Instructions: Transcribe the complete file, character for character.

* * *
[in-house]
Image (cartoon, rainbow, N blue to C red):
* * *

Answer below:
[in-house]
Image (cartoon, rainbow, N blue to C red):